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If you’re running a small business that employs anyone other than yourself, you need business insurance. Small business insurance protects your business from the unexpected risks of running a business. This can include accidents, lawsuits, or even firing someone.

Some forms of insurance, like unemployment, workers’ compensation, and disability insurances, are legally required on a state and federal level. Others are just a very good idea. You should contact your state’s insurance department to find out exactly what kinds of business and professional insurance you need in your state. But in the meantime, let’s take a closer look at the types of business insurance you need, as well as those you might just want.

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Small Business Insurance You Need

The first type of small business insurance you’ll definitely need is unemployment insurance. Federal law requires businesses to have unemployment insurance, while the states administer it. That means each state handles its own unemployment insurance, using federal guidelines. Unemployment insurance covers the cost of unemployment benefits for workers who are laid off. You’ll pay into your state’s unemployment insurance program via payroll taxes, under the Federal Unemployment Tax Act.

Most states require small business owners to carry workers’ compensation insurance. This covers your employees’ medical costs and lost wages if they get hurt on the job. If an employee is killed on the job or passes away due to a work-related injury, workers’ compensation will pay for survivors’ benefits for their surviving dependents. It will also cover some final expenses.

You also might need professional liability insurance, or errors and omissions insurance, depending on your state and your profession. Usually doctors have to carry professional liability insurance, but in some states, lawyers and realtors have to carry it, too. Lawyers must have professional liability insurance in Idaho and Oregon. Doctors need to have professional liability insurance in Wisconsin, Colorado, Kansas, New Jersey, Connecticut, Rhode Island, and Massachusetts. Realtors need professional liability insurance in North Dakota, Nebraska, Texas, New Mexico and Rhode Island.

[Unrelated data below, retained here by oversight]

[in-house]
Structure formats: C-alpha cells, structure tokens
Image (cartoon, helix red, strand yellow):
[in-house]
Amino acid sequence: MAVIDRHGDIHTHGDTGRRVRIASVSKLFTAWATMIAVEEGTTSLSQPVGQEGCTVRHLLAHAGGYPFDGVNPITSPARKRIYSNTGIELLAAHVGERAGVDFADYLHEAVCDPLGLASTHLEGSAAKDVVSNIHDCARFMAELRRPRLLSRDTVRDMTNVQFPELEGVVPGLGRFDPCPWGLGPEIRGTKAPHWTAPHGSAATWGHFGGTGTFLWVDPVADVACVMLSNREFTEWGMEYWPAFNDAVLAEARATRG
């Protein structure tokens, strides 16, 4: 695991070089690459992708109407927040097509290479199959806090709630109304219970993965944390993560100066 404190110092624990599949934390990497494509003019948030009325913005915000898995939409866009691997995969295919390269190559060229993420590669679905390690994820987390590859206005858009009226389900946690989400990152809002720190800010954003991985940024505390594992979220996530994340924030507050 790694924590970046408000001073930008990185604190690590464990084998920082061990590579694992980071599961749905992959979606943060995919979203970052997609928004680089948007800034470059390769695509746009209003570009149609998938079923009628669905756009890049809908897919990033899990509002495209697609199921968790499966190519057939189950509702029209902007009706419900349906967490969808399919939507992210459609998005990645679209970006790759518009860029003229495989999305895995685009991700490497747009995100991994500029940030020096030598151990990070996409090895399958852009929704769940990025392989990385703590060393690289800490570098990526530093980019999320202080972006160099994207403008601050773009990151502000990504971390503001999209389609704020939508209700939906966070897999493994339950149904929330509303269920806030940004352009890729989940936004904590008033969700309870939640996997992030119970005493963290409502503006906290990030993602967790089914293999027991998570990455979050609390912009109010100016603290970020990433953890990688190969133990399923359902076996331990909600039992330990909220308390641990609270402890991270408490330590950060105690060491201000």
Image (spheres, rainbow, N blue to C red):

Insurance You Might Want

There are several types of insurance you might want, including disability insurance. A few states—New Jersey, California, Hawaii, Rhode Island, and New York—actually do require small business owners to carry disability insurance. Disability insurance can help replace lost wages for employees who have to miss work due to sickness or disability.

You probably also want commercial auto insurance. At least you do if you use any vehicles in the commission of your business. Your personal car insurance won’t cover any vehicles that you use to do business.

You’ll probably also want commercial property insurance to protect your property in the case of vandalism, weather, or other damage. You can also get general liability insurance for your business to protect yourself against claims from clients and customers, like slip-and-falls, for example. That way, if someone receives and injury on your premises, you won’t have to personally pay for their medical costs or any of the other costs that can come with getting sued, such as legal fees or settlement costs.

Similarly, if your business serves alcohol, you probably want liquor liability insurance. If an intoxicated person damages your property or hurts themselves on your property, liquor liability insurance will cover the costs. Moreover, if you get sued by someone who hurt themselves on your property because they were drunk, you won’t have to pay the costs yourself.

If your premises sustain damages that force you to close down temporarily, business interruption insurance would help defray the costs. This can help you get back to your regular business hours quickly.

Insurance Exclusions and Small Business BOPs

General policies don’t cover some events such as floods or earthquakes. You can get separate insurance policies for floods and earthquakes, but some things will be excluded from most policies. Acts of war, seizures of property by the government, infectious diseases, or radioactive contamination are among the most common exclusions from most policies.

If you want to buy a package, you can look for business owners policies (BOPs) that combine commercial property, general liability, and business interruption into one policy. It can be cheaper than buying three separate policies and it can cover a lot of your insurance needs.

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Conclusion

When you’re a business owner, it’s your responsibility to carry insurance to protect your business and its assets, as well as your employees and yes, even your customers. Business insurance can save you a lot of money. It’s also worth noting that some states don’t require you to carry some types of insurance. To be on the safe side, however, prepare your business for anything that might come along with the right combination of insurance policies.

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